Basically: A love story that flashes back to the black romantic cinema of the late 90s and early 2000s.
It’s not surprising that, with the current rise of black cinema in the US film industry, eventually someone would take a chance on bringing back the black romantic film. I think the last one with any real marketing was Beyond the Lights starring Gugu Mbathu-Raw and Nate Parker. While there have been some romantic comedies that have popped up—ranging in quality—and some films that have had a more Christian/family values core, there hasn’t been one in theaters that hit that Love Jones or Love and Basketball lane. Now we have Stella Meghie, who is here to serve up something for a hungry audience.
The Photograph starring Lakeith Stanfield and Issa Rae is the story of two people who meet coincidentally when Mike (Stanfield), a reporter, is doing a story on Isaac (Rob Morgan). Isaac is a man in Louisiana who tells a story about the great love of his life—Christina (Chanté Adams) a young woman in the 1980s who left for New York City to become a photographer. Mike’s research on the photographer and her work brings him into contact with a gallery curator, Mae (Issa Rae) in Queens. From there the two are drawn to each other and a romance starts, while the film cuts to moments in the past the parallel romance back then.
Photo courtesy of Universal Pictures
Stella Meghie did a great job with her script and how she executes it on the screen. She uses the camera to frame scenes softly in how it chooses to portray the growing romance of Mike and Mae as well as the failed romance in the 80s. Meghie is able to hold the camera on her actors’ faces just long enough that we are able to see how the characters feel, process, and react to what’s going on in the situation they are in.
Much of the dialogue between the characters feels authentic to the world of dating and meeting people now and not some weird guessing game. It feels honest. Issa’s performance at times can feel cold and stoic and that might turn some off but it works with the character as you can see she’s quite guarded in her emotions. Meanwhile, Stanfield’s Mike tries to play things off as cool but you can see he’s a romantic and is a bundle of feelings at all times. Rounding out the cast is some great supporting cast with Lil Rel Howery playing Mike’s brother Kyle, and Teyonah Parris playing his wife Asia. Kyle and Asia are able to bring some great laughs into the movie and they work as subtle examples of the successful relationship that Mike and Mae want.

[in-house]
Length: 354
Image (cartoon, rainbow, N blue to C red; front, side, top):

Photo courtesy of Universal Pictures
Rob Morgan does so much with so little time on screen. You’re about to see all the pain, love and regret at what he lost. He does it a lot with his face. Chanté Adams as Christine Eames can really be considered the third lead. The story in the past is told from her perspective even though its context is given through Isaac’s interview with Mike. Adams is great here with how she chooses to emote through her story. To end off, Courtney B. Vance, Kelvin Harrison Jr., and Jasmine Cephas Jones all fill out the rest of the cast and bring engaging little characters that help round out our main characters and make them more human.
The Photograph is able to bring something to the table that’s been sorely lacking and I have to say that it being marketed well is part of that. Will Packer has been on a wave with producing black centered films and putting them out as perfect parts of the schedule, so that the audience has a chance to go see these stories and it’s never overcrowded. Stella Meghie has crafted a movie perfectly suited for the Valentine’s Day Weekend, with a great cast and a warm story.
In The End: The Photograph is definitely a perfect date movie and something that has staying power with a story about love and regret and taking a chance.